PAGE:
SEO Audit On Your Website During the Downtime
Currently, we are living in history. COVID-19 is emphasizing how businesses will begin to place more focus online. It also will affirm the future of supplemental brick and mortar’s digital advertising, and it all begins with SEO.
The items we’ll cover in this post will provide a well-rounded set of data that will provide you a clear picture of where to focus on your site for SEO. This can be overwhelming, please know that we’ll also be writing in-depth separate SEO audit articles in the coming weeks.
- Google Analytics and Google Search Console
- EAT – Expertise, Authoritativeness, and Trustworthiness
- High-Level Points of SEO
- On-Page Optimization
- Page Load Speed
- Optimizing for Internal Links
- In-Content Links
- Duplicate Content
- Deep, Technical SEO
- Off-Site SEO
During any financial crisis, like the one in 2008, business marketing budgets are usually the first to be cut down. Traditionally, this is a bad move. Companies should be cautious of their spending, but refocus their efforts on the right channels. One of our customers closed their brick and mortar location after they found web traffic was up +150%. The web is leading the way right now and for the foreseeable future, which is why an SEO audit is a great place to start in determining what makes sense for driving your marketing efforts correctly.
To help illustrate, I completed a comparison of customers’ site traffic and separated them into three groups. Those three groups are:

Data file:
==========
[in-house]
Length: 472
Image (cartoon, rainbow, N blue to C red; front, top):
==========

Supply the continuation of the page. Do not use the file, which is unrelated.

- B2C retail
- B2C online
The patterns are clear. Ecommerce beat traffic from those with traditional locations. The mandated shutdown and social distancing have put a large focus on the online experience. The cornerstone needs to be on brick and mortar digital advertising in these times of need. This includes SEO and is the staple of any website, no matter the business type.
Our focus is to give you tips, tools, and the process of how to audit your website’s SEO to set a roadmap with tasks and goals.
A SEO audit is not rocket science – the more you are aware of how to better your website performance for visitors, the quicker you’ll realize its value, including return on investment.
Tools for SEO Audits
Looking around the office, I came across an old two-disc SEO training course. It dates back to 2006 from the popular Lynda.com training website and is still popular. While I do not have a CD-ROM drive to give them a spin, I’d imagine there are still a lot of the same SEO principals discussed on those discs. There is a baseline of tactics you can employ your own SEO audit and develop a strategy for optimal SEO on any site.
Before I go through the steps we take internally, let me preface that they are brief explanations. We take a lot of time and follow up with questions and more searching based on the information we gather. Sometimes it takes you down some long paths. This is OK though – don’t be discouraged about the information you find. You may not understand everything you uncover. The important part is that you identify questionable items and discuss them with professionals like us to get an action plan established.